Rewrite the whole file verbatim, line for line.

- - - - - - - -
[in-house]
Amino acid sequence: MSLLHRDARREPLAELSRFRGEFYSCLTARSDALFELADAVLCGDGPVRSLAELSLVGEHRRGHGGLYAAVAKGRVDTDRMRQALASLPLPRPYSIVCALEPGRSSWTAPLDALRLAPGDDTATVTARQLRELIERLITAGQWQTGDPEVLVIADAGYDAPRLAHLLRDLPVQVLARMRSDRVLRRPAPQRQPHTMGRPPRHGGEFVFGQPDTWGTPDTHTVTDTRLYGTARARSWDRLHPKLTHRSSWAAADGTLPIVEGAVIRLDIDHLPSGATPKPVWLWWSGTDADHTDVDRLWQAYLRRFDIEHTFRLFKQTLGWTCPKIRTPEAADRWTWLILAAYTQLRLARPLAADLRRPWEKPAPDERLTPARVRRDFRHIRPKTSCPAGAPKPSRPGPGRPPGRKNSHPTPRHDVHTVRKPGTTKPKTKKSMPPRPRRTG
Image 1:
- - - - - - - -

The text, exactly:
[in-house]
Amino acid sequence: MSLLHRDARREPLAELSRFRGEFYSCLTARSDALFELADAVLCGDGPVRSLAELSLVGEHRRGHGGLYAAVAKGRVDTDRMRQALASLPLPRPYSIVCALEPGRSSWTAPLDALRLAPGDDTATVTARQLRELIERLITAGQWQTGDPEVLVIADAGYDAPRLAHLLRDLPVQVLARMRSDRVLRRPAPQRQPHTMGRPPRHGGEFVFGQPDTWGTPDTHTVTDTRLYGTARARSWDRLHPKLTHRSSWAAADGTLPIVEGAVIRLDIDHLPSGATPKPVWLWWSGTDADHTDVDRLWQAYLRRFDIEHTFRLFKQTLGWTCPKIRTPEAADRWTWLILAAYTQLRLARPLAADLRRPWEKPAPDERLTPARVRRDFRHIRPKTSCPAGAPKPSRPGPGRPPGRKNSHPTPRHDVHTVRKPGTTKPKTKKSMPPRPRRTG
Image 1: